At no time however in the last five years did DFAIT admit to Abdelrazik that they had no intention of allowing him to return to Canada; in fact they repeatedly assured him that they would grant him an emergency passport.
The flight scheduled for April 3, 2009
 In March 2009, Mr. Abdelrazik managed to obtain and pay for a flight from Khartoum to Montreal with a stop over in Abu Dhabi. He had been repeatedly assured for years that an emergency passport would be provided in that eventuality. Notwithstanding the numerous assurances given by Canada over a period of almost 5 years, and repeated as recently as December 23, 2008, on April 3, 2009 just two hours before the flight was to leave, the Minister of Foreign Affairs [Lawrence Cannon] refused to issue that emergency passport on the basis that he was of the opinion, pursuant to Section 10.1 of the Canadian Passport Order, "that such action is necessary for the national security of Canada or another country."
I find that the only reason that Mr. Abdelrazik is not in Canada now is because of the actions of the Minister on April 3, 2009. ... the Minister waited until the very last minute before the flight was to depart to deny the emergency passport.
Had it been necessary to determine whether the breach was done in bad faith, I would have had no hesitation making that finding on the basis of the record before me.
 I have found that Canada has engaged in a course of conduct and specific acts that constitute a breach of Mr. Abdelrazik’s right to enter Canada. Specifically, I find:
(i) That CSIS was complicit in the detention of Mr. Abdelrazik by the Sudanese authorities in 2003;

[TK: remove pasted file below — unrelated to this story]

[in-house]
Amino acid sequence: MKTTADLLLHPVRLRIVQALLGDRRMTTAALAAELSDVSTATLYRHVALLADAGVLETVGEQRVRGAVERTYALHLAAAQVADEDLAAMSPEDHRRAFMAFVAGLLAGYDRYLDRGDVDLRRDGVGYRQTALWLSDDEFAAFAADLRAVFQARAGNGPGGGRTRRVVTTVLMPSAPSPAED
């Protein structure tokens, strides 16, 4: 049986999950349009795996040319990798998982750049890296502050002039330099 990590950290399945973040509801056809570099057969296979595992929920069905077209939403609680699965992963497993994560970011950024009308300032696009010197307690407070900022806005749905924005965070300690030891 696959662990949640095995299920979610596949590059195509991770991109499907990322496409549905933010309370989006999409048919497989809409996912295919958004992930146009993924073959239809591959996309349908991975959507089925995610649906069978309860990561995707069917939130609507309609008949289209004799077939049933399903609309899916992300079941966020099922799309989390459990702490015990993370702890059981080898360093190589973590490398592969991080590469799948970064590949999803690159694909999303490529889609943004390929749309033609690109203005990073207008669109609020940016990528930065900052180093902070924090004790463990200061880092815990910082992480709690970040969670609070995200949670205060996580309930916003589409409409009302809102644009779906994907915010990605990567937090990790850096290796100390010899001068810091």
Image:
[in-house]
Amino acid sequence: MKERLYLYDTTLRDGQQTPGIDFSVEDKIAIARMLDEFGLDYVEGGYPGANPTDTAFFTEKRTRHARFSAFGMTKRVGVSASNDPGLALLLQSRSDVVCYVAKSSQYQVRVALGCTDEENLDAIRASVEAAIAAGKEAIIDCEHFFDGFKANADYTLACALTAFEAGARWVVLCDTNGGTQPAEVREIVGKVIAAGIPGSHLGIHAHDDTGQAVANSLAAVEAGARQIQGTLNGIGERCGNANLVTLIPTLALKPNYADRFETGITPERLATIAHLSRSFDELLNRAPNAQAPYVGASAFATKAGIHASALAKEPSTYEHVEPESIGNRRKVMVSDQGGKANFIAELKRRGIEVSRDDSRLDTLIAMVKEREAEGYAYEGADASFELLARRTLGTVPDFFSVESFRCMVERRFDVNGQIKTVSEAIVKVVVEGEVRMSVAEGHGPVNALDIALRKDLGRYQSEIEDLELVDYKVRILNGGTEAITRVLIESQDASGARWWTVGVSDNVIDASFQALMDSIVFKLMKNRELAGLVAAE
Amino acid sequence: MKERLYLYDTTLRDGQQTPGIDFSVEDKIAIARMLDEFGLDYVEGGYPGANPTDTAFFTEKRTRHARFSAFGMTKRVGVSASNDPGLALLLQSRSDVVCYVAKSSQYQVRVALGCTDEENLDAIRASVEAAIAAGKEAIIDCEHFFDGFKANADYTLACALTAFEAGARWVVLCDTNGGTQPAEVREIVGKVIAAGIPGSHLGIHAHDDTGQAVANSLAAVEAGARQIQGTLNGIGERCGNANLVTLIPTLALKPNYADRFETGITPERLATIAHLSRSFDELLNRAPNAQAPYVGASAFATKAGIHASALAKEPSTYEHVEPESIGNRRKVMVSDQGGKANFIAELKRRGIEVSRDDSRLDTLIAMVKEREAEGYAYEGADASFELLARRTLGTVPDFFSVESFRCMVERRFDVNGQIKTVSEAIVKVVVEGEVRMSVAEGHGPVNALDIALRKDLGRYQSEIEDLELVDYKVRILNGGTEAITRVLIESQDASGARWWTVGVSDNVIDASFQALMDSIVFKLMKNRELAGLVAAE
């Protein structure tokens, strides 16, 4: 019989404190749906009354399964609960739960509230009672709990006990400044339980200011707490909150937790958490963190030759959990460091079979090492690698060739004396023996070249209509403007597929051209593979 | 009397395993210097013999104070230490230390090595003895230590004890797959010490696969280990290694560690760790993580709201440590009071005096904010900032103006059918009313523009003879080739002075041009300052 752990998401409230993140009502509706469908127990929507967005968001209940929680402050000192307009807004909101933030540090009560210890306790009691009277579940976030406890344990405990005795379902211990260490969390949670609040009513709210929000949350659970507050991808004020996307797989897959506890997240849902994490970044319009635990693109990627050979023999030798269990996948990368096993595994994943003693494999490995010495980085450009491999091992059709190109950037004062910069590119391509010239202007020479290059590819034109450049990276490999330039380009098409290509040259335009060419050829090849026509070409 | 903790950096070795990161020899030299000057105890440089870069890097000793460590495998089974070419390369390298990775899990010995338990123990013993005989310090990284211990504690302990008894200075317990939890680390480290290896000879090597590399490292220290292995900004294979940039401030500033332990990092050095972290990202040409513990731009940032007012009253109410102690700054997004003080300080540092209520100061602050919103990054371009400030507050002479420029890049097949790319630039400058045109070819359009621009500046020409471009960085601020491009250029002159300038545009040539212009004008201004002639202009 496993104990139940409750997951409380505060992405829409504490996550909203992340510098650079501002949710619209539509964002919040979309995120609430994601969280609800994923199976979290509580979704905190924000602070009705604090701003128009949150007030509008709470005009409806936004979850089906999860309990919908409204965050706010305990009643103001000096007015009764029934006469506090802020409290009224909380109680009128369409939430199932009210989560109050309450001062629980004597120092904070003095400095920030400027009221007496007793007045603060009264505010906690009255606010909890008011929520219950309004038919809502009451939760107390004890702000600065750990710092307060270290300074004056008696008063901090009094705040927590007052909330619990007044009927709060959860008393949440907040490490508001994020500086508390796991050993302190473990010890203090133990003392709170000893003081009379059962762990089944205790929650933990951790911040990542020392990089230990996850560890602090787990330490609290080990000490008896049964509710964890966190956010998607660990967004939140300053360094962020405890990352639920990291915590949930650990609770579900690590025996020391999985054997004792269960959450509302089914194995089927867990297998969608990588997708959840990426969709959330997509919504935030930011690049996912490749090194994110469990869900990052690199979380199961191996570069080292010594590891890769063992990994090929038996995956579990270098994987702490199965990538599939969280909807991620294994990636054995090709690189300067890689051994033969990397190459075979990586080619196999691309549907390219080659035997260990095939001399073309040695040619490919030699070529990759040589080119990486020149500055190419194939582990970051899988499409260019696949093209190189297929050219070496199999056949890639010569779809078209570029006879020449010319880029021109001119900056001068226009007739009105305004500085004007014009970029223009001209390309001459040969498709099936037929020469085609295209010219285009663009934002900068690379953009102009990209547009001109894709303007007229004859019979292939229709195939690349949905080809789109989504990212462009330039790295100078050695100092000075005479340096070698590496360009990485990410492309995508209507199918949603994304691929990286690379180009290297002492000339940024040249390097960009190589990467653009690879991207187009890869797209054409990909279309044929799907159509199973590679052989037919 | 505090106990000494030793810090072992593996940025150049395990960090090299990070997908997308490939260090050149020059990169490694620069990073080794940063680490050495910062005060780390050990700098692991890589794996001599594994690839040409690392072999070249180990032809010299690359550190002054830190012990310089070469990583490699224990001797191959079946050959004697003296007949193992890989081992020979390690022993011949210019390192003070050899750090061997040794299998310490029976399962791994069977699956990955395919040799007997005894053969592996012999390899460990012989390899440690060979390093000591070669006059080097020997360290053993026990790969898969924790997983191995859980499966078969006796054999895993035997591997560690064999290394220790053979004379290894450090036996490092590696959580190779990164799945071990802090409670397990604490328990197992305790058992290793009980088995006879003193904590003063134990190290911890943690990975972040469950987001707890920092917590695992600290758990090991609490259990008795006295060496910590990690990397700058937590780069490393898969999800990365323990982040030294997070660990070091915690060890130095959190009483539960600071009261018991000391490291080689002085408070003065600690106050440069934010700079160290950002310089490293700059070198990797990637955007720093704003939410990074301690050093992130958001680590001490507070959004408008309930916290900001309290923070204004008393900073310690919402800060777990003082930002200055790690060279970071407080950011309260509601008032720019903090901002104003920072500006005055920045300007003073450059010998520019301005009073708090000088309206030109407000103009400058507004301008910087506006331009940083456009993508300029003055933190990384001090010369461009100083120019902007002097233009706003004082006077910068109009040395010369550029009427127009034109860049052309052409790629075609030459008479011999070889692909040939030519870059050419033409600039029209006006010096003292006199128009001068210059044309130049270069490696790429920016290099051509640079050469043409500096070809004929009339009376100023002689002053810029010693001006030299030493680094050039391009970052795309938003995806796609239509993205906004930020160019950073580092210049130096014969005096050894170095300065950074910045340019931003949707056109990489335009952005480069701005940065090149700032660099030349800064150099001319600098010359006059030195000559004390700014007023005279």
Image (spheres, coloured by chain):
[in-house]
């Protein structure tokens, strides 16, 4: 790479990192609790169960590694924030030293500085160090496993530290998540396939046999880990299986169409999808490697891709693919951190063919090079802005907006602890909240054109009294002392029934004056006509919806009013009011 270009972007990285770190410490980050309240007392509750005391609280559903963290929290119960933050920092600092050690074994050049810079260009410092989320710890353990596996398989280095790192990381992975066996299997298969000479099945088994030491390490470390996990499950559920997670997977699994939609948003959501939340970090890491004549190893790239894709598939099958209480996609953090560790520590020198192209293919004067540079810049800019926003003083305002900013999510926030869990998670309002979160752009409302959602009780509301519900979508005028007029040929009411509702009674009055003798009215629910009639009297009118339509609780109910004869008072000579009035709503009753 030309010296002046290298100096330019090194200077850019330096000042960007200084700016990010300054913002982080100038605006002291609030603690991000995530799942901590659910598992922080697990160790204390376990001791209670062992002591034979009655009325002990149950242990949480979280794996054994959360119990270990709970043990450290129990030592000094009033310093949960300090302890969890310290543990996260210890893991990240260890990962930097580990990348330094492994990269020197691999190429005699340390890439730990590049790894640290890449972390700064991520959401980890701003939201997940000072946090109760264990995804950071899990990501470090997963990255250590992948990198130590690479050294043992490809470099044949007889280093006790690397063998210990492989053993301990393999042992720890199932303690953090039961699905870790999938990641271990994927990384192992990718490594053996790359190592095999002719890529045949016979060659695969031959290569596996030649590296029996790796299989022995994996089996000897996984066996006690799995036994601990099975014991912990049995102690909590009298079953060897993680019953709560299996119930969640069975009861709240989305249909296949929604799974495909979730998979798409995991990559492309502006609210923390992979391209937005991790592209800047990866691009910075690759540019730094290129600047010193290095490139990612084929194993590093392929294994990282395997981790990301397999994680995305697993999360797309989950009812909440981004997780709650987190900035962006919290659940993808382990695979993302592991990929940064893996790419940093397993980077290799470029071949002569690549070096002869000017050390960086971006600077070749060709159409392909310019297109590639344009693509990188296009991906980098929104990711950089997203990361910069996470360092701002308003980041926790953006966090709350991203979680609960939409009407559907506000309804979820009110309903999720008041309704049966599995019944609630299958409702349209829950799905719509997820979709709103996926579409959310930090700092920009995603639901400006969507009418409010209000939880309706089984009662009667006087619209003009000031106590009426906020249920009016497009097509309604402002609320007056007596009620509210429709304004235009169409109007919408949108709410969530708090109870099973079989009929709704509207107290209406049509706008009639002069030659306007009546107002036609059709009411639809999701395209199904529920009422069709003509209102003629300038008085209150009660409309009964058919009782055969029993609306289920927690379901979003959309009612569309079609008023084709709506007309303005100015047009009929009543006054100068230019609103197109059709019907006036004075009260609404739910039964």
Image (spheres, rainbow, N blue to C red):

(ii) That by mid 2004 Canadian authorities had determined that they would not take any active steps to assist Mr. Abdelrazik to return to Canada and, in spite of its numerous assurances to the contrary, would consider refusing him an emergency passport if that was required in order to ensure that he could not return to Canada;
(iii) That there is no impediment from the UN Resolution to Mr. Abdelrazik being repatriated to Canada – no permission of a foreign government is required to transit through its airspace – and the respondents’ assertion to the contrary is a part of the conduct engaged in to ensure that Mr. Abdelrazik could not return to Canada; and
(iv) That Canada’s denial of an emergency passport on April 3, 2009, after all of the preconditions for the issuance of an emergency passport previously set by Canada had been met, is a breach of his Charter right to enter Canada
 Accordingly, at a minimum, the respondents are to be ordered to provide Mr. Abdelrazik with an emergency passport that will permit him to travel to and enter Canada. There is any number of ways available to him to return to Canada. He once secured an airline ticket and may be able to do so again. In the Court’s view that would cure the breach and be the least intrusive on the role of the executive. If such travel is possible, and if funds or sufficient funds to pay for an air ticket are not available to the applicant from his April 3, 2009 unused ticket, then the respondents are to provide the airfare or additional airfare required because, but for the breach, he would not have to incur this expense.
In fulfilment of this judicial process, the applicant [Abdelrazik] is ordered to appear before me at 2:00 o’clock in the afternoon on Tuesday, July 7, 2009, at the Federal Court ...
“Russel W. Zinn”
Thank you, Justice Zinn.